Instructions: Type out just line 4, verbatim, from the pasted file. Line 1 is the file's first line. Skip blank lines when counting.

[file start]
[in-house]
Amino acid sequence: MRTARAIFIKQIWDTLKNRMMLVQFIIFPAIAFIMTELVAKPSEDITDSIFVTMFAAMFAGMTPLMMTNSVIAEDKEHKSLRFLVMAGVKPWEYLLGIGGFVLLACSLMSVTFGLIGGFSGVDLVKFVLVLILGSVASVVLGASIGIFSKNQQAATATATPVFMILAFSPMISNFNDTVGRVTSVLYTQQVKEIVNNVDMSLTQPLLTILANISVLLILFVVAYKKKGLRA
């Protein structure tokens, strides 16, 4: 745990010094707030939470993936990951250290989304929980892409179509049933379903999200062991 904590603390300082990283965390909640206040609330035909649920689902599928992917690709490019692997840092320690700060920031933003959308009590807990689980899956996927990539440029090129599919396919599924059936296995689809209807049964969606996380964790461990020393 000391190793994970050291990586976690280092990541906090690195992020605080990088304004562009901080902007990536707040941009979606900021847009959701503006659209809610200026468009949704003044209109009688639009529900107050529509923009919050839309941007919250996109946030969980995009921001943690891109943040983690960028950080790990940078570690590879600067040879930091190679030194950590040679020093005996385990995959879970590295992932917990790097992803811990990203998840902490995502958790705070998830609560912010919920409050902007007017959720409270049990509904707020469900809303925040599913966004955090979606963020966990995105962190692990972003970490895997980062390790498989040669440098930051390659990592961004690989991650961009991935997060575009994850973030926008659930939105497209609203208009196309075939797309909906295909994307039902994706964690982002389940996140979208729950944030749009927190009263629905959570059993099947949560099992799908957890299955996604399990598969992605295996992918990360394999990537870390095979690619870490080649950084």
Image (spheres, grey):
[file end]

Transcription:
Image (spheres, grey):